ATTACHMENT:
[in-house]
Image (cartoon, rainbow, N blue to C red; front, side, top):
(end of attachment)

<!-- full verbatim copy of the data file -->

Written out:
[in-house]
Image (cartoon, rainbow, N blue to C red; front, side, top):